Chinese Professor Pursues Democracy on Campus
Chinese Professor Pursues Democracy on Campus

Sun Wenguang, a retired university professor, is currently running for the Chinese National People's Congress (NPC) as an independent candidate.

“I don't know why the university authorities panic so much over a 73-year-old man like me,” said Sun. “Actually my campaign can't have much influence on the election. So I guess the university received orders from above to take actions against me.”

Sun is running his campaign at Shandong University of Jinan City, Shandong Province, 300 miles east of Beijing where he retired a few years ago. Although Sun has only put up posters on campus and gave speeches to very small audiences for his campaign run, the university treated him with utmost alarm and tried to sabotage his every effort for the campaign.

In his interview with The Epoch Times on November 8, 2007, Sun discussed about some of the measures that the university authorities have taken against his campaign.

Che Hongnian and Chen Xi, human rights activists from another province, act as volunteers for Sun Wenguang's election campaign. (The Epoch Times)
Che Hongnian and Chen Xi, human rights activists from another province, act as volunteers for Sun Wenguang's election campaign. (The Epoch Times)

Students viewing Sun Wenguang's campaign display boards. (The Epoch Times)
Students viewing Sun Wenguang's campaign display boards. (The Epoch Times)

Plain-clothes police are interfering in Sun's campaign. (The Epoch Times)
Plain-clothes police are interfering in Sun's campaign. (The Epoch Times)

Sun said that the university ordered the security guards to tear down his campaign posters all over campus and confiscate his display boards. Moreover, the authorities took pains to keep students from voting for him.

According to Sun, every department in the university has officially warned the students to stay away from him, calling him a man with “wrong political thoughts” and “connections with foreign forces.” One department, for example, held an emergency meeting attended by Party members in which the following was announced:

“Some independent candidate is being supported by foreign forces to run in the election. Students are forbidden to listen to the candidate's speech. Those who attend his speech should be brought back. No one is permitted to vote for him. We will check to see who casts their vote for him. Once a Sun-voter is discovered, we will punish the student and those in direct charge of him/her.”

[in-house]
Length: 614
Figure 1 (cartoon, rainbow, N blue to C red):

The university's Party branch secretary himself even sat outside the dorms one afternoon in order to prevent students from listening to Sun's speech. As a result, many of the students were too scared to take any action.

Sun noted that he had already challenged the university authorities' Gestapo-like tactics to threaten students. He pointed out that, according to the campaign act, it is against the law to threaten the rights and freedom of voters. He also stated very clearly that he will file a lawsuit against the threat if necessary.

Sun is determined to carry on his campaign, but he said the voting results are not of primary importance to him. “It is the concept of basic human rights and encouragement from those around me that have motivated me to advance forward in my pursuit of a democratic and constitutional government,” said the former professor.

In his speeches, Sun promoted awareness of civil rights, and called on the people to stand up against oppression instead of continuing to be tame lapdogs in the face of the authorities. Even though he could only maintain contact with a small number of students during each of his speeches, he is satisfied with the results.

“Many students looked excited after hearing my speech as though it was their first time listening to the truth,” recalled Sun. “Some students even relayed and broadcasted what I told them. Still, other students actively helped me to distribute leaflets and circulate posters. Of course there were also some students who chose to look on silently.”

Despite all the harassment, Sun has gained a large amount of support for his campaign, public or otherwise, among the staff and students at Shandong University. “If I had another two weeks, I believe I could win,” said the white-haired professor with confidence.

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